Philadelphia 76ers

With Markelle Fultz en route to Philly, De'Aaron Fox works out for Sixers

With Markelle Fultz en route to Philly, De'Aaron Fox works out for Sixers

CAMDEN, N.J. -- Try to forget all the rumors and speculation. Imagine the Sixers are on the clock with the third overall pick in Thursday's NBA draft. Assume Markelle Fultz is off the board, Boston-bound after the Celtics took him with No. 1.

In this scenario, De’Aaron Fox’s workout with the Sixers Saturday mattered. He’s a viable option at No. 3. Some argue he’s the right option. And no matter what’s going on between front offices, he was here, blocking out the noise, to show his worth.

“I've seen stuff, but at the end of the day, it doesn't matter,” Fox said of where he might be selected. “Wherever I'm drafted, I'm going to go there and give my best effort.”

The next question pressed the issue. Fox kept his composure and reiterated. He seems to be ready for whatever happens.

“Some people go somewhere they don't want to go and they wreck havoc,” he said. “For me, I'm coming in, I'm young, I don't have much of a say. I'm going wherever I go. Trust me, you'll see me give my best effort.”

Fox’s head is level. He’s been all over the country working out for potential landing spots. Despite the projections and the talk, he still has something to prove. He wants people to know he is the best guard in this class.

“Everyone has critics. You could be the best player in the world. I mean, LeBron (James) has critics,” Fox said. “Just showing people, prove people wrong. I can't really do that until I'm drafted and get in the NBA. I'm just working, getting better and perfecting my craft.”

His craft attracts a lot of eyes. Fox is expected to be a top-five pick. In one season at Kentucky, playing alongside fellow top prospect Malik Monk, he posted 16.7 points, 3.9 rebounds and 4.6 assists per game. He dropped 37 against UCLA in the Sweet 16, all while shutting down Lonzo Ball.

But his game has a noticeable flaw: His jump shot. That showed Friday in the portion of Fox’s individual workout available to the media. Fox received passes at spots around the arch and took uncontested shots. The quantity of the misses was more memorable than any makes. 

In answering questions afterward, Fox didn’t dance around his poor shooting numbers at Kentucky. He said he shot well in high school and, for some reason, struggled in college. But his stats came along at the season’s end. After not shooting higher than 25 percent from three in any month during the season, he converted on 43 percent of those attempts in March.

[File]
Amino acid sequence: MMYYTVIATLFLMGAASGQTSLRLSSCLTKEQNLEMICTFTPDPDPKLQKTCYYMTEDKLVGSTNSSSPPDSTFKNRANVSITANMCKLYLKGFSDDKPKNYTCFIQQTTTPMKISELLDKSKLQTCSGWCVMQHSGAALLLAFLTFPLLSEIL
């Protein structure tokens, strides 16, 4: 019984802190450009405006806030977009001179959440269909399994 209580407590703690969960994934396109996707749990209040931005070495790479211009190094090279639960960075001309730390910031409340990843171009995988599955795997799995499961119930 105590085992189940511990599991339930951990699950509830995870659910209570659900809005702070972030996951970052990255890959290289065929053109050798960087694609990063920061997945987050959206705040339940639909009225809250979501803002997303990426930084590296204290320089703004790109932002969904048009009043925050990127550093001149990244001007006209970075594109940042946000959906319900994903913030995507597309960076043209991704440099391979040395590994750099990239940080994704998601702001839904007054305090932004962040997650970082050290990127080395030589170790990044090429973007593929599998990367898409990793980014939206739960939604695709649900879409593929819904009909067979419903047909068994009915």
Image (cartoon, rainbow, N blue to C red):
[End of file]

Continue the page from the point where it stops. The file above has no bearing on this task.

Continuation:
“I didn't really worry too much about it because I was getting to the rim whenever I wanted,” Fox said. “I was making free throws. So that aspect of my game, it came. I went along with it.”

This all is not to say he didn’t look good. Everyone knew his jump shot is not the focal point of his abilities, and he said he’s working to improve it. He worked over screens in a defensive drill and threw down some dunks on a fast break workout. He tossed aside the fact that this workout, most likely, was for nothing and came out and put in effort. And he was gracious when speaking with reporters, probably knowing just as well as they do who was coming in a few hours later.

He even entertained the thought of what it would look like if he did somehow end up here. Because even though he played as a ball-dominant point guard at Kentucky, one would have to assume Fox wouldn’t be used in the same capacity here; Ben Simmons is, for now, the Sixers’ point guard. That wouldn’t be a problem for Fox.

“I can work without the ball. I did it in high school,” Fox said. “Actually, one thing people don't know is — you might take this the wrong way — but me and Ben were actually on teams at LeBron camp. It was like my sophomore year, his junior year. So I’ve played with him before.”

So a reunion doesn’t sound too bad. Especially with Joel Embiid joining the fun.

“It's definitely intriguing,” Fox said. “Joel has such a big personality, they’re both great players. Being able to play with those two is kind of like — you see people building through the draft and I feel like I'll be able to complement them well. They're gonna be two great young players in the league.”